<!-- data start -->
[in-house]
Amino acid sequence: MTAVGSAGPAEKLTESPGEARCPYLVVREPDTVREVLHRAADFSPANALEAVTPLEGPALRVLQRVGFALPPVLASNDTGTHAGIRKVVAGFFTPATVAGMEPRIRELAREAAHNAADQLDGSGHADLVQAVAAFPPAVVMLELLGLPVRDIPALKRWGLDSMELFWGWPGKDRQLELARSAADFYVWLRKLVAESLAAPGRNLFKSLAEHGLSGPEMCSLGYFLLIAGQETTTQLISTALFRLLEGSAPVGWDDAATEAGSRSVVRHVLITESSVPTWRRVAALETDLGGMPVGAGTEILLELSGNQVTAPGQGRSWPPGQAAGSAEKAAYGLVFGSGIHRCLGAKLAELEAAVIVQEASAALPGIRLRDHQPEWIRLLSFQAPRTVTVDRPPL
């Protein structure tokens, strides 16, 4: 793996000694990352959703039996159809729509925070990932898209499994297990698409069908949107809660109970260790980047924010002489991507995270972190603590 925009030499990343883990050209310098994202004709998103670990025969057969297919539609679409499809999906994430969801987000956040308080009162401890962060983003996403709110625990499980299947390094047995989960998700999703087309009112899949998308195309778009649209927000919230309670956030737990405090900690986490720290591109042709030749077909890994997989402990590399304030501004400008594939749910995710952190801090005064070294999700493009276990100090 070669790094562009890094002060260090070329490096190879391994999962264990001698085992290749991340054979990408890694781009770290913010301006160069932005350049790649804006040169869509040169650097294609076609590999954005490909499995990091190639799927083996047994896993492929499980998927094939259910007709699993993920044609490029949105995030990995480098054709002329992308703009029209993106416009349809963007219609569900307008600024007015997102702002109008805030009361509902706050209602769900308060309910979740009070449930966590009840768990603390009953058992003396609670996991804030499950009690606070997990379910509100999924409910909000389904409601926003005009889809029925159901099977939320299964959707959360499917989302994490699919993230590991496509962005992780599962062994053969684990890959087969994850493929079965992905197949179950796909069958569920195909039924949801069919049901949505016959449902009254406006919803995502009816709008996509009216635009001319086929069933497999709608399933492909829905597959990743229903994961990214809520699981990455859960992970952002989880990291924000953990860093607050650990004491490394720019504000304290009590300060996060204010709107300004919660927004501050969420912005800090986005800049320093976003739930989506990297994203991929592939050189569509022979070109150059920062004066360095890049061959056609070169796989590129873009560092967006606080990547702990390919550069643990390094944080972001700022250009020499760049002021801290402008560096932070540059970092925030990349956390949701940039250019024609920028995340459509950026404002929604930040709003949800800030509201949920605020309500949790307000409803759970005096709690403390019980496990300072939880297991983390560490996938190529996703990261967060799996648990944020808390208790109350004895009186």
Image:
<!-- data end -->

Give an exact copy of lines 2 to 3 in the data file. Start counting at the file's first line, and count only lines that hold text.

Amino acid sequence: MTAVGSAGPAEKLTESPGEARCPYLVVREPDTVREVLHRAADFSPANALEAVTPLEGPALRVLQRVGFALPPVLASNDTGTHAGIRKVVAGFFTPATVAGMEPRIRELAREAAHNAADQLDGSGHADLVQAVAAFPPAVVMLELLGLPVRDIPALKRWGLDSMELFWGWPGKDRQLELARSAADFYVWLRKLVAESLAAPGRNLFKSLAEHGLSGPEMCSLGYFLLIAGQETTTQLISTALFRLLEGSAPVGWDDAATEAGSRSVVRHVLITESSVPTWRRVAALETDLGGMPVGAGTEILLELSGNQVTAPGQGRSWPPGQAAGSAEKAAYGLVFGSGIHRCLGAKLAELEAAVIVQEASAALPGIRLRDHQPEWIRLLSFQAPRTVTVDRPPL
């Protein structure tokens, strides 16, 4: 793996000694990352959703039996159809729509925070990932898209499994297990698409069908949107809660109970260790980047924010002489991507995270972190603590 925009030499990343883990050209310098994202004709998103670990025969057969297919539609679409499809999906994430969801987000956040308080009162401890962060983003996403709110625990499980299947390094047995989960998700999703087309009112899949998308195309778009649209927000919230309670956030737990405090900690986490720290591109042709030749077909890994997989402990590399304030501004400008594939749910995710952190801090005064070294999700493009276990100090 070669790094562009890094002060260090070329490096190879391994999962264990001698085992290749991340054979990408890694781009770290913010301006160069932005350049790649804006040169869509040169650097294609076609590999954005490909499995990091190639799927083996047994896993492929499980998927094939259910007709699993993920044609490029949105995030990995480098054709002329992308703009029209993106416009349809963007219609569900307008600024007015997102702002109008805030009361509902706050209602769900308060309910979740009070449930966590009840768990603390009953058992003396609670996991804030499950009690606070997990379910509100999924409910909000389904409601926003005009889809029925159901099977939320299964959707959360499917989302994490699919993230590991496509962005992780599962062994053969684990890959087969994850493929079965992905197949179950796909069958569920195909039924949801069919049901949505016959449902009254406006919803995502009816709008996509009216635009001319086929069933497999709608399933492909829905597959990743229903994961990214809520699981990455859960992970952002989880990291924000953990860093607050650990004491490394720019504000304290009590300060996060204010709107300004919660927004501050969420912005800090986005800049320093976003739930989506990297994203991929592939050189569509022979070109150059920062004066360095890049061959056609070169796989590129873009560092967006606080990547702990390919550069643990390094944080972001700022250009020499760049002021801290402008560096932070540059970092925030990349956390949701940039250019024609920028995340459509950026404002929604930040709003949800800030509201949920605020309500949790307000409803759970005096709690403390019980496990300072939880297991983390560490996938190529996703990261967060799996648990944020808390208790109350004895009186």